A trend towards more servitized offerings and life-cycle solutions is leading to a fundamental change in business models in the capital goods businesses. For example, in the power plant business, instead of concentrating on the initial cost of plant capacity measured in €/MW, some customers increasingly base their investment decisions on the cost of the energy produced during the plant’s life-cycle, measured in €/MWh. The trend towards globalization, de-regulation and outsourcing have led to the emergence of new types of customers whose primary interest is not just the acquisition of an investment project, but the purchase of the performance of the project product during its use-phase (Ivory and Thwaites, 2003). Integrating high-value projects in a seamless solution with a long-term operations and maintenance (O&M) service requires a project supplier to radically extend the time span of its focus from a short-term project delivery to life-cycle care (Helander and Möller, 2007). Increasingly long-term business perspectives and a change of logic in earning, present challenges for the design of a project supplier’s business model and for their organizational structure (Brady and Davies, 2004 and Hobday et al., 2005). Servitization in the capital goods business pushes project suppliers to develop and to offer total solutions that seek to reduce the capital goods’ operation and maintenance costs throughout their life-cycle (Wise and Baumgartner, 1999 and Ivory et al., 2003). This way, project suppliers extend their focus into the use-phase of the systems and have extensive involvement in the operation and maintenance of their installed base of systems on their customer’s behalf. By occupying a larger share and responsibility of the customers’ businesses, project suppliers are also given the possibility of capturing a larger portion of the overall value stream and to gain more profits (Davies, 2004). For other customers, however, the capital cost of the system is still the most important criterion in the purchase decision and they consider operation and maintenance as their core capability. In addition to the new customer types, the varied needs of the different customer segments present challenges in designing a project supplier firm’s business model for its solution deliveries. In this paper, our aim is to increase the understanding on various business models in project-based firms. We address the following general-level research question: • What different types of business models have project-based firms implemented and what are their key characteristics? We divide this research question into three sub-questions: • Is it possible to assess business models at the solution-level in a project-based firm? • What are the key elements of business models on the level of a firm and on the level of a single solution? • Is it possible to identify a typology of solution-specific business models and can such a typology be used for evaluating the business performance of solutions? The first sub-question seeks the existence of business models on the level of single solutions. Concerning the first sub-question, we acknowledge that the current business model research discusses business models on the level of a firm. However, the literature simultaneously argues that a firm can have more than one business model for different markets and customers. Therefore, since the typical business of a project supplier firm consists of a series of unique projects and services, we find it necessary to investigate whether the business models in project-based firms are specific to the delivery of each solution. The second and third sub-questions address the content and typology of such solution-specific business models: Therefore, these sub-questions facilitate a solution-level analysis of a project supplier firm’s business models. A solution offered by a project firm is defined as including both a project component and an after-sales service component. We first analyze the literature concerning business models and suggest six key elements of a firm-level business model which are used to examine and characterize the business models at the level of a single solution that is offered by a project-based firm. We then construct a conceptual framework for the analysis of the business model characteristics of solution deliveries. The origins of the framework is built on the ideas and conceptual structures of installed-base-related solutions as introduced by Oliva and Kallenberg (2003). However, we use Oliva and Kallenberg’s (2003) work only as a point of departure, and by instating a broader conceptual analysis and synthesis of service and solution literature, we construct a framework with four types of business models for solutions that is original in its content. We then assess the key characteristics of the business models of five distinct solution deliveries within a power plant supplier firm through the use of an embedded case study. The empirical study uses the structure of the six key elements for analyzing the business models in each of the five case solutions. Based on the results of the empirical study, we conclude that the business models used in the five solutions are indeed different and specific to each of the studied solution. Based on the results, we also suggest a typology of five types of business models. The paper makes four important contributions. First, we suggest six key elements for business models. Second, we develop a typology of five solution-specific business models and present the key characteristics for each business model type. Third, through our empirical analysis we show how the typology can be used to evaluate the performance of business models. Fourth, we find the solution-specific nature – or solution specificity – of a firm’s several business models, and we argue that the analysis of business models needs to take place at the solution-level rather than at the level of the firm (or its business units) as is often suggested in the existing literature.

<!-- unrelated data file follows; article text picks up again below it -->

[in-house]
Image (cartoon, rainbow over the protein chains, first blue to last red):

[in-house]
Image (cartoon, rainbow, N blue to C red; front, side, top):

نتیجه گیری انگلیسی
This paper focused on analyzing business models used for delivering solutions. The analysis points out several important findings. Rather than analyzing business models on a firm-level as in most of the prior work on business models, we suggest that project suppliers do in fact employ a number of different solution-specific business models. Therefore, project supplier firms’ business models should be analyzed on a solution-level. We analyzed five solutions that a power plant supplier firm delivered to its different customers. Each of the solutions included an offering of a project component (EPC project) and an after-delivery service (O&M) component. Since each project is unique even by definition, and a project-based firm’s solution business is built on unique project deliveries, the solutions are also unique. Indeed, a typical business within the case firm is comprised of unique solution deliveries. We used six business model elements to point out the differences between the business models for the five solutions. We constructed a conceptual framework for business models at the solution-level with four types of business models, and based on the empirical study, we refined the framework to a typology of five solution-specific business models. Our analysis suggests that the business models in project-based firms should be analyzed at the level of individual solutions, instead of only at the firm- or business unit-level as is largely assumed by business model research (Hedman and Kalling, 2003, Morris et al., 2005 and Tikkanen et al., 2005). Indeed, finding the solution specificity of business models in project-based firms is a significant contribution to the existing knowledge. Finally, we show through our empirical analysis how the typology can be used to evaluate the performance of business models. We recognized that the most successful solution deliveries seem to focus on enhancing the solution’s performance in the customer’s own value creation process. Also according to existing literature, the choice of the business model for the solution delivery must be adapted to the customer’s strategy (Helander and Möller, 2007 and Kujala et al., 2008). Furthermore, the disintegration of the project and the service delivery units and the reactive marketing approach led to product-centric value propositions that hindered the efficient solution delivery and decreased the case firm’s ability for value creation both for itself and for the customer. The problem was related to the product-centricity of organization as is discussed by Galbraith (2002) and Tuli et al. (2007). More careful consideration of the customer’s strategy and long-term business needs, as well as the supplier’s own revenue generation logic and internal capabilities could have resulted in a more cost-efficient and high-quality life-cycle offerings with the use of different business models.